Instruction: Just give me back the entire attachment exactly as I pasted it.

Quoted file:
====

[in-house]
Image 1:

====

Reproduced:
[in-house]
Image 1: